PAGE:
It’s possible to see a film like ‘Revenge of the Fallen’, admire its production values and the Olympian effort behind it, and still come away feeling empty, or worse, angry.   Furious, even, because all that work goes to waste if there isn’t a dramatic unity, a narrative perfect and complete in itself that delivers catharsis.   It may seem like too much to ask from a film like ‘Transformers’, but in truth it’s a reachable ideal, not reserved for pretentious art films.

Story is like a muscle.  Organic, but you have to work at it.   Kids are natural storytellers, and so they work this muscle all the time.  It’s why they play with toys like the titular shape-shifting robots.   When a filmmaker like Bay has all the biggest and baddest toys, and this is the most intelligent stuff his “play” turns out, it worries me.   It worries me because people don’t resist it, don’t challenge him to try harder, to create a narrative soul and craft an appropriate body for it.  Steven Spielberg, whose work I adore, is the executive producer of the ‘Transformers’ series.  He has given creative input.  It’s part of his job.   Is he not resisting Bay’s more destructive impulses?  Does he not care, as long as the films make a killing, as they have and will continue to do?  One can only speculate.

Regardless, it’s probably safe to say that Michael Bay’s latest entry in the series will be a mixed bag.   I can only hope that this excellent teaser trailer bears witness to a better movie.

NR: Finding The Magic In The Kingdom

James here with Wednesday’s News Reflections.

Screenrant recently posted a piece on ‘Iron Man’ director Jon Favreau and his work on Disney’s new ‘Magic Kingdom’ project.  The article is definitely worth a read, so head on over to Screenrant and give it your attention.  Then come back, for I have a few words to add.

Director Jon Favreau

Magic Kingdom's Centerpiece

There are rough waters ahead for Mr. Favreau. ‘Magic Kingdom’, a film based on a theme park, could all too easily be a shallow spectacle, a comedy misfire, a self-indulgent debacle or worse. But it’s clear Favreau believes that there’s potential for a rich, exciting narrative. I quote Mr. Favreau via Screenrant (emphasis mine):

“When Walt first set out to do it there was something very nostalgic and forward looking at the same time about Disneyland. When you went down Main Street it was the turn of the century, it was days gone by and Tomorrowland was the future. There is such a weird shared experience that any of us who’s ever gone to Disneyland feels that I don’t think has really been mined yet. It’s this collective subconscious that we have and there are these archetypes that are so strong that there’s a fun way to present something that is family entertainment but still will take you through the experience that you had [growing up].”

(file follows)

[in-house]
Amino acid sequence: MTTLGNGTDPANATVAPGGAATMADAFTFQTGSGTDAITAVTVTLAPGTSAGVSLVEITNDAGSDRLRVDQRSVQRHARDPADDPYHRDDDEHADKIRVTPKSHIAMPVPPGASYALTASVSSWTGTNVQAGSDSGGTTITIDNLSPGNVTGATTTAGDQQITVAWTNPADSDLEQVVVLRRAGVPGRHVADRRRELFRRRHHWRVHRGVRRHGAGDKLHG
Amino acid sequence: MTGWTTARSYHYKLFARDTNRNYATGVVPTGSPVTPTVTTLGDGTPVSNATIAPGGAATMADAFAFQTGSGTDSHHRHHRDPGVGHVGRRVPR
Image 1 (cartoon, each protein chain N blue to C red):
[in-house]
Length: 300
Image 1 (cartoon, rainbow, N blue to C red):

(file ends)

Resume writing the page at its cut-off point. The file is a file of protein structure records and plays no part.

Favreau wants to mine nostalgia, which when properly harnessed is a powerful cinematic force.  Many of the great films of the late 20th century run on nostalgia fuel.  ‘Star Wars’, ‘Raiders of the Lost Ark’, ‘The Godfather’, ‘Pulp Fiction’, ‘Dark City’ — all mined from the cinematic and cultural heritage of their creators.  All of them present worlds that fuse the auteur’s nostalgia with their unique vision.  Favreau’s opportunity is to reinterpret Disney’s legacy in his own image, which, if it works, could deeply influence its future.  ‘Magic Kingdom’ is not just another theme park ride adaptation ala ‘Pirates of the Caribbean’.  It’s the whole park, and therefore symbolic of Disney’s heart and soul.  The tactile juxtaposition of the mystical past and the incredible future, with today’s family caught in the middle, has delighted and inspired millions.  There’s obviously a great story there.  How does a filmmaker turn this into an emotional arc complete with action and suspense without succumbing to cliché?  It’s a daunting, though tempting challenge.

I believe Favreau is up to it.  He has the arms and the oars for this whitewater ride.  His ‘Iron Man 2’ could serve as the proof.  Not for the film’s main story, which suffers from Marvel’s insistence on setting up ‘The Avengers’, but for the Stark Expo that anchors it.  With music and production design deliberately reminiscent of the World’s Fair and the Magic Kingdom’s own Tomorrowland, there is exactly that same nostalgia-future collision that so attracts Favreau to this new project.  He can now fully explore this concept and hopefully conjure up the cinematic magic necessary to save Disney’s kingdom from ending up on the rocks.  I wish Favreau, his team, and Disney the very best of luck.